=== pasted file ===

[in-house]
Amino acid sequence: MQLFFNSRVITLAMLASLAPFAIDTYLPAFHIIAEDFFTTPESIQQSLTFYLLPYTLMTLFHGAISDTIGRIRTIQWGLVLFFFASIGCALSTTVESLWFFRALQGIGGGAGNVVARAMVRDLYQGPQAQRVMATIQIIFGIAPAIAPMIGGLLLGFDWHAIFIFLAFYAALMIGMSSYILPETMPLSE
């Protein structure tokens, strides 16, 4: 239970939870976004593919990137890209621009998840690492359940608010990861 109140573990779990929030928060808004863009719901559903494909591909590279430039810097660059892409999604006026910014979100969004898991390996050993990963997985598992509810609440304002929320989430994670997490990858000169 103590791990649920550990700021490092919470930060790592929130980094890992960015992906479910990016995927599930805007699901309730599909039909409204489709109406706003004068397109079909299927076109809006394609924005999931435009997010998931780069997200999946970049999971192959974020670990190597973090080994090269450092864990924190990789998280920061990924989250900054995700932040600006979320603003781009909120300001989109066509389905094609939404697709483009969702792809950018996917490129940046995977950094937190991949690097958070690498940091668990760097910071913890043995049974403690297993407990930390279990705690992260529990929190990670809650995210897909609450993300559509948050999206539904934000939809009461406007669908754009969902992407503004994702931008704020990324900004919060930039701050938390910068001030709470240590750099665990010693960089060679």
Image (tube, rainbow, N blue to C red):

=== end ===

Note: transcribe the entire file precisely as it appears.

[in-house]
Amino acid sequence: MQLFFNSRVITLAMLASLAPFAIDTYLPAFHIIAEDFFTTPESIQQSLTFYLLPYTLMTLFHGAISDTIGRIRTIQWGLVLFFFASIGCALSTTVESLWFFRALQGIGGGAGNVVARAMVRDLYQGPQAQRVMATIQIIFGIAPAIAPMIGGLLLGFDWHAIFIFLAFYAALMIGMSSYILPETMPLSE
């Protein structure tokens, strides 16, 4: 239970939870976004593919990137890209621009998840690492359940608010990861 109140573990779990929030928060808004863009719901559903494909591909590279430039810097660059892409999604006026910014979100969004898991390996050993990963997985598992509810609440304002929320989430994670997490990858000169 103590791990649920550990700021490092919470930060790592929130980094890992960015992906479910990016995927599930805007699901309730599909039909409204489709109406706003004068397109079909299927076109809006394609924005999931435009997010998931780069997200999946970049999971192959974020670990190597973090080994090269450092864990924190990789998280920061990924989250900054995700932040600006979320603003781009909120300001989109066509389905094609939404697709483009969702792809950018996917490129940046995977950094937190991949690097958070690498940091668990760097910071913890043995049974403690297993407990930390279990705690992260529990929190990670809650995210897909609450993300559509948050999206539904934000939809009461406007669908754009969902992407503004994702931008704020990324900004919060930039701050938390910068001030709470240590750099665990010693960089060679």
Image (tube, rainbow, N blue to C red):